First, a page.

Yet, even as recently as 1988, when the American Academy of Audiology (AAA) was founded, only seven of the 32 original members were women.


Now, Only 20% Are Men


In the quarter-century since then, the picture has changed dramatically. By the end of 2004, only 30% of AAA members were men. Of these, 78% were over age 40, while only half of the women were, a clear sign that the balance would continue tipping toward female membership.


Last fall, AAA’s annual survey of members found that the gender gap had widened to 80%-20%, a ratio of four women for every man.


Now, I don’t think that professions need to aim for a 50-50 split between the sexes. There may always be more women than men drawn to nurturing and caregiving professions such as elementary school teaching and nursing. And chances are that physically demanding jobs like firefighting and construction will remain primarily the domain of men.


Not A Helpful Image


However, the fewer men there are in audiology, the more it will be seen as “a woman’s profession.” What’s wrong with that?

Well, first of all, it will mean that the profession misses out on a lot of people who have the potential to be good audiologists, but never consider it or have it suggested to them as a good career option for a man. Think of all the outstanding male audiologists, present and past, and consider how much poorer the profession would be without them.

Also, while I wish it weren’t the case, when a field develops an image of being a woman’s profession, it usually pays less well than comparable professions with a significant percentage of men. While efforts to achieve equal pay for equal work have succeeded to a degree, that goal remains unfulfilled. According to the Institute for Women’s Policy Research,  women’s median annual pay is only 77 cents for each dollar earned by men.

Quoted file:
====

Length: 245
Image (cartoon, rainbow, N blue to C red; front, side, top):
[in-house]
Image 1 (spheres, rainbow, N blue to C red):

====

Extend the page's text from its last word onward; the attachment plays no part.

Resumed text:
Seek Them Out


Unlike elementary school education and nursing, audiology is not a field that male college students and graduates all know about but don’t usually choose to pursue. I’ve got no data, but I’ll bet that a career in audiology has never crossed the minds of most college seniors and graduates. And that’s a shame.

After all, audiology is a valuable profession and one for which there will be a growing need for decades to come. It’s also one that has been perennially singled out by U.S. News and World Report and as one of today’s best career choices.


The audiology establishment, especially the dozens of university audiology programs, should be doing more to bring the field to the attention of young men as well as women. One important step they should take is to look beyond undergraduate speech pathology programs as a source of graduate students in audiology. Drawing so heavily on that discipline, which is also predominantly female, is one reason that the overwhelming majority of current graduate students in audiology are women.


Looking farther afield would not only increase the number of men going into audiology; it would also draw people with a broader range of knowledge and interests. For example, consider college graduates with a pre-med background who, for whatever reason, did not go on to medical school. Wouldn’t they be as well or better prepared for an AuD program than a speech major? And what about bright college graduates who majored in history or philosophy because they were interested in the subject, but find their job prospects dim? It should not be too late for them to enter the brave new world of audiology.